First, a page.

February 9, 2015

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Corporate Meetings

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Article

Corporate Meetings

February 9, 2015


Liven it Up: Add a Dash of Spice to your Event with Premier Entertainment

By Rachel Madison

Corporate events are notoriously stuffy affairs with never-ending meetings, lifeless speakers and stale pastries. But corporate events and retreats don’t have to be boring. With the right entertainment or speaker, these events can become memorable learning experiences for everyone involved.

Be Memorable
One of the best ways to enhance attendee engagement is to leave a big impression, says Brett Barlow, CMO at educational training company Pluralsight. That’s why when the company opened its new building in Farmington in the summer of 2014, it made a splash by bringing in Nitro Circus—an action sports entertainment company that showcases daredevil stunts such as base jumping and dirt biking—as the entertainment.

            “We had two objectives: We wanted to get noticed and we wanted it to be remembered,” Barlow says. “We started thinking about what would bring the ‘wow’ factor. Something like Nitro Circus hasn’t ever happened [in Northern Utah] before, and we wanted to create an emotional connection to our company. We had 6,000 people show up.”

            Barlow says they got the general public involved with fun social media campaigns, such as hiding motorcycles around Farmington’s Station Park and telling people to send a tweet if they found one of the bikes. Two mini dirt bikes were given out as prizes. “That created lots of buzz building up to the event,”
he says.

            Janice Boes, CEO of Pierpont Place and Premier Event Services, says corporate retreats can incorporate everything from a dynamic speaker to a karaoke party, as long as it’s something that’s both interactive and fun. “A lot of people want to mix it up and do something different,” she says.

            That’s just one reason Adobe’s annual summit for its digital marketing customers continues to be such a success. Adobe brings in a popular band to its annual week-long summit to provide entertainment and a chance for attendees to network, says Mike Stiles, senior corporate events manager at Adobe. More than 5,000 Adobe customers attend the summit each year, and have heard music from bands such as The Black Keys, Maroon 5 and The Killers.

Plan for Success
Boes says it’s important to ask yourself early on in the planning process, “What are my goals and what am I trying to accomplish?” If there’s a specific point or lesson you’re trying to teach attendees during the event, make sure your entertainment aligns with that goal.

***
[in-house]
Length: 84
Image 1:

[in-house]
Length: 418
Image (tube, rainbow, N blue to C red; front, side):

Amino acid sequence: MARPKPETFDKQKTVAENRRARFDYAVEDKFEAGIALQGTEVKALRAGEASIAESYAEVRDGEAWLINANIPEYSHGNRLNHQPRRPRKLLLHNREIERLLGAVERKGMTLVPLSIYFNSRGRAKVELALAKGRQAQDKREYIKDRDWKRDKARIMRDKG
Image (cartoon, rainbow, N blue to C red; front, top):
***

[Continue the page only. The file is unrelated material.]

Barlow agrees. “You have to know from the get-go what you’re trying to get out [the event],” he says. “Do it right or don’t do it at all. If you do it halfway or cut corners, it ends up reflecting negatively on you. People appreciate it when you put forth an effort and invest time and money. That’s how you get people talking about you.”           

            Typically, entertainment is one of the most expensive components of a corporate event, but it’s also the No. 1 takeaway for attendees. “It can get very expensive if you’re looking to talent and speakers from out of state,” Boes says. “But we have a wonderful pool of talent here in Utah.”

            Stiles says Adobe has also learned that lesser-known bands that put on a great show can be more affordable and provide excellent entertainment. “You don’t always have to go big,” he says. “A lesser-known band that puts on a phenomenal show doesn’t have to be expensive and you can get some really good bands if you look a little deeper. Don’t worry too much about getting the biggest band if budget is an issue. A good live performance is key.”

Eat Smart, Meet Smart: Clean Up Your Next Work Meeting with Healthy Food Options
By Adva Biton

Everyone knows the old adage: You are what you eat. As more and more people embrace wellness initiatives to better their health, it’s become clear that businesses should be doing the same. A good place to start? Examining the food served at corporate functions, meetings and events. 

            Dr. Thunder Jalili, associate professor at the University of Utah’s College of Health, Division of Nutrition, says there can be major disadvantages, both short and long term, for businesses that serve unhealthy fare at events. Offering carbohydrate and sugar-loaded foods can add up.

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